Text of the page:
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Beirut Blast Probe Suspended as 2 Ministers Charged with Negligence Request to be Removed

A Lebanese army helicopter flies over the site of the blast in Beirut's port area on August 5, 2020. (REUTERS/Issam Abdallah)

A Lebanese army helicopter flies over the site of the blast in Beirut's port area on August 5, 2020. (REUTERS/Issam Abdallah)

Fadi Sawan on December 10 issued charges against caretaker prime minister Hassan Diab and three former ministers over the August 4 blast that disfigured Lebanon's capital. The four were charged with "negligence and causing death to hundreds and injuries to thousands more" in one of the largest non-nuclear explosions in history.

The Lebanese judge investigating the huge explosion that rocked Beirut in August has suspended the probe after two ministers he charged requested he be removed, judicial sources said Thursday.

Fadi Sawan on December 10 issued charges against caretaker prime minister Hassan Diab and three former ministers over the August 4 blast that disfigured Lebanon's capital.

The four were charged with "negligence and causing death to hundreds and injuries to thousands more" in one of the largest non-nuclear explosions in history.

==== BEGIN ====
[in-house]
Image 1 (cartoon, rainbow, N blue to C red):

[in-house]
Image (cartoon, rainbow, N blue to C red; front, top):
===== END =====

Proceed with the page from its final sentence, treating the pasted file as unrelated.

Among them are former finance minister Ali Hassan Khalil and former public works minister Ghazi Zaiter, who have since accused Sawan of violating the constitution.

Lebanon's top Cassation Court is now expected to rule on their request for Sawan to be removed from his post.

"Until then, all investigation proceedings are suspended," a senior court judicial official told AFP on condition of anonymity.

Diab has also refused to appear in front of the judge on similar grounds.

Lebanon's politicians have rallied around the argument that the indictment of a minister should be submitted to a vote in parliament.

Diab, who resigned in the wake of the explosion, already testified before Sawan in September.

The huge stock of ammonium nitrate that ignited at Beirut port had been stored there for years when Diab took office almost exactly a year ago.

The fact that little light has been shed on the circumstances that led to Lebanon's worst peacetime disaster nearly four months after the blast has caused outrage.

It is also fuelling distrust among international donors, whose support is much needed if Lebanon is to stand a chance of surviving its deepest ever economic crisis.

first published:December 17, 2020, 19:32 IST